As Wang Qishan, high ranking Politburo member and vice-premier of some sorts, radiated during a conference in Beijing in 2008 facing a fine selection of the world’s biggest bankers: “You have your way. We have our way. And our way is right!” He didn’t say the last part. But I’m sure he smiled.


Micro Worries

“Next year I will not be in elementary school anymore!” my son exclaimed with a mix of pride and scare, one evening last week.  I don’t think he did it on purpose, but it surely hit me hard and evaporated my youthful feelings in one breath. And as if to add salt on the wound, my daughter announced she had a party, a high school party. One of those with tuxedos and gala dresses and 4 hours at the beautician shop for 2 hours dancing. But despite being suddenly reduced to an emotionally troubled and quickly aging, worried daddy that knows the horror stories all too well, I was glad to learn that no alcohol would be poured and that there would be more chaperons than students, so that’s OK. But when we saw her the next morning, or more precisely, the next day, because by the time she managed to stumble out of bed the rest of the family just finished a late lunch, the surprise came. “Who are you?” I wanted to say but of course I didn’t. Her little brother simply exclaimed, “Wow” and I wasn’t sure it was in admiration or terror. “What happened to your eyes?” “They burned it”. “Aach! They burned it?” If there was any admiration earlier, this now definitely changed to horror.  “No, they heat up your eyelashes so they curl up.” “And what about your hair …?”

As a father who sometimes worries about the inevitable –and yes I know: no use, waste of time, but what can I say?- , it can be worse. What would you think of your daughter on auction? China Daily presented it proudly. It was a public display. Ladies were lined up. All with numbers in their hands. They were on auction. No, they were not visitors to the auction; they were the items auctioned. This was not the old Roman empire of 2000 years ago or the Song Dynasty of 1000 years ago, where slaves and concubines could be bought on public markets. This is Beijing 2011 – today. Nannies for sale. Their teeth are checked, their strength tested, their smiles measured and perhaps their cup sizes too, in silence. Six of the 10 changed laoban (boss), the remaining 4, well, we will never know, the paper didn’t say.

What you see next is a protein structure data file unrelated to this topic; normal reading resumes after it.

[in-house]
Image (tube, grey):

But let me assure you: I’m not the only parent in China worrying about his kids. Chinese are worriers. You wouldn’t say it, but it is a fact. Great warriors in the past, great worriers now. And modern Chinese parents beat them all. With all those grandpas and grandmas stumbling after their one and only abusively spoiled grandchild filling in for the forever absent parents; with all the private boarding schools popping up and piling out, you may think the opposite. Not so. It’s just that Chinese parents worry from a distance while multitasking. And it’s a booming market.

Last month, an experiment started in Beijing with irremovable GPS armbands for kindergarteners. So mum and Big Brother can track them 24-7. Everyone is excited! Kids think it’s cool. Mums think it’s safe. Big Brother thinks it is a good practice to get used to. So no future Nobel Price winner will object to it when his time comes.